|Watson, you may recall from the last time these two teams played, is half a dozen kinds of nasty. He's neither particularly large nor a particularly great shooter, but he's a shifty driver and an excellent finisher at the rim. He excels at collapsing defenses to distribute. A groin injury hobbled him against Providence; it will be interesting to see if he is full go against Xavier.
|Zierden is a spot-up shooter and a darned effective one. More than three quarters of his shots come from behind the arc, and he has hit multiple threes in a dozen conference games this year. His usage is fairly limited otherwise, but he can catch fire and shoot Creighton through a game.
|Do you need a guard who never boards, rarely makes any decisive passes, and doesn't have much of a statistical footprint on defense? James Milliken is your guy! Milliken is a good shooter with a decent pull-up game, but he's not much for getting all the way to the rim. He protects the ball well and spends a lot of time on the floor just not making mistakes at either end.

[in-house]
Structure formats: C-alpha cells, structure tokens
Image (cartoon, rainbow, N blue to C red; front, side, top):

|A stretch four out of the Ethan Wragge mold, Hegner has fallen on hard times in conference play. After shooting 43.8% from deep in non-conference play, he's just 17-62 (27.4%) in conference. He remains a good defensive rebounder who doesn't turn the ball over much, but he has basically no offensive value if he's not jarring threes.
|Groselle lives at the rim and is a monster there, shooting 77.2% on layups and dunks. He gets to the line pretty well, but he's not going to kill you from the stripe. He's a very good defensive center and a solid rebounder on both ends of the floor. He turns the ball over an alarming amount for a post player, which really detracts from his efficiency. Most of his biggest games on the year have come against garbage teams, for whatever that's worth.